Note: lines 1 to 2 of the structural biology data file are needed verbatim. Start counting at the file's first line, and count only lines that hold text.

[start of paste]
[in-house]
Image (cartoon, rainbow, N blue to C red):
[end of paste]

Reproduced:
[in-house]
Image (cartoon, rainbow, N blue to C red):